ME: Fentanyl, Oxycodone led to death of Angels pitcher Tyler Skaggs at North Texas hotel

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The medical examiner found that Angels pitcher Tyler Skaggs died with drugs and alcohol in his system while at a North Texas hotel while his team was in town to play the Rangers.

The Los Angeles Angels and Skaggs' family were shocked at the news, and promise to find out how this happened.

According to the Tarrant County Medical Examiner’s Office, Skaggs died of "terminal aspiration of gastric contents," from Fentanyl, Oxycodone, and alcohol. This means he choked on his vomit.

"That’s a triple threat, as far as alcohol, Fentynal and Oxycodone,” said Joe Powel, CEO of the Association of Persons Affected By Addiction. “All three of those are depressant opiates, and that’s what opiates do. They will depress the symptoms, all of the organs in the body.”

Skaggs, 27, died on July 1. His body was found in a Hilton hotel room in Southlake. Skaggs left behind a wife. The two had only been married seven months.

At the time, police said no foul play was suspected. The Angels organization said it has been cooperating with the Southlake Police Department.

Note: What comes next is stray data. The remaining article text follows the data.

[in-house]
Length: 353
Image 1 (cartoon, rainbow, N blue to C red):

Friday, Angels Manager Brad Ausmus held a press conference after the cause of death was released.

“I was a little surprised by it because I had no prior notice,” he said. “Doesn’t change anything, still lost a teammate, lost a friend.”

In addition to alcohol, Fentanyl and Oxycodone, toxicology results found that Skaggs tested positive for Oxymorphone – another narcotic pain reliever.

Skaggs had struggled with repeated injuries.

Powell said it's possible for a person to feel like they've built up a tolerance and accidentally overmedicate.

“When you are prescribing medications like that, then you have to be monitored, you know what I mean. It has to be someone to watch and make sure you are really taking it as prescribed,” Powell added.

Skaggs’ family released a statement, saying in part:

“That is completely out of character for someone who worked so hard to become a Major League Baseball player and had a very promising future in the game he loved so much.”

“We will not rest until we learn the truth about how Tyler came into possession of these narcotics..."

The game between the Angels and Rangers was canceled the day of his death, and there was no music played at Globe Life Park when the two teams played the day after his death.

The Angels pitched a no-hitter in the team's first home game after Skaggs’ death.